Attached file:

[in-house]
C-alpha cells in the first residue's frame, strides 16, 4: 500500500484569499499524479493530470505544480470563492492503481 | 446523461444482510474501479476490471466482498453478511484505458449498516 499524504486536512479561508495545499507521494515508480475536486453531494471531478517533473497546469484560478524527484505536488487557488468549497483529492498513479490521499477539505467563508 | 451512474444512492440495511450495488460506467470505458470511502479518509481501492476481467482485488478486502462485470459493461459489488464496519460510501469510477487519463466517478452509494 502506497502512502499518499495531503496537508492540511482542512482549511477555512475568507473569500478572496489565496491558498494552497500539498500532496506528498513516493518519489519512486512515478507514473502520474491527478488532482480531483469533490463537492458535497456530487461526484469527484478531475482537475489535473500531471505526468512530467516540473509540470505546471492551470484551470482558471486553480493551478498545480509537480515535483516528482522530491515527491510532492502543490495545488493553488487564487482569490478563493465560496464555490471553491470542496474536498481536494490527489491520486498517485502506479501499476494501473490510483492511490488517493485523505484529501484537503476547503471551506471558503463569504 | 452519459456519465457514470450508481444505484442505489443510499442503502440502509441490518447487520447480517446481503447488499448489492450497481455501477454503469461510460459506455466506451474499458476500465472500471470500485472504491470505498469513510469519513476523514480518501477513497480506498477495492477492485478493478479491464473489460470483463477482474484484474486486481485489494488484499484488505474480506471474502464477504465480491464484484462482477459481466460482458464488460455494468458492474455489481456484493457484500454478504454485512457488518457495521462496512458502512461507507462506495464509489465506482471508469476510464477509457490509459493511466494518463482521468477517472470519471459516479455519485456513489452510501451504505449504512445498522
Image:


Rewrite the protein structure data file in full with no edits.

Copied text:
[in-house]
C-alpha cells in the first residue's frame, strides 16, 4: 500500500484569499499524479493530470505544480470563492492503481 | 446523461444482510474501479476490471466482498453478511484505458449498516 499524504486536512479561508495545499507521494515508480475536486453531494471531478517533473497546469484560478524527484505536488487557488468549497483529492498513479490521499477539505467563508 | 451512474444512492440495511450495488460506467470505458470511502479518509481501492476481467482485488478486502462485470459493461459489488464496519460510501469510477487519463466517478452509494 502506497502512502499518499495531503496537508492540511482542512482549511477555512475568507473569500478572496489565496491558498494552497500539498500532496506528498513516493518519489519512486512515478507514473502520474491527478488532482480531483469533490463537492458535497456530487461526484469527484478531475482537475489535473500531471505526468512530467516540473509540470505546471492551470484551470482558471486553480493551478498545480509537480515535483516528482522530491515527491510532492502543490495545488493553488487564487482569490478563493465560496464555490471553491470542496474536498481536494490527489491520486498517485502506479501499476494501473490510483492511490488517493485523505484529501484537503476547503471551506471558503463569504 | 452519459456519465457514470450508481444505484442505489443510499442503502440502509441490518447487520447480517446481503447488499448489492450497481455501477454503469461510460459506455466506451474499458476500465472500471470500485472504491470505498469513510469519513476523514480518501477513497480506498477495492477492485478493478479491464473489460470483463477482474484484474486486481485489494488484499484488505474480506471474502464477504465480491464484484462482477459481466460482458464488460455494468458492474455489481456484493457484500454478504454485512457488518457495521462496512458502512461507507462506495464509489465506482471508469476510464477509457490509459493511466494518463482521468477517472470519471459516479455519485456513489452510501451504505449504512445498522
Image: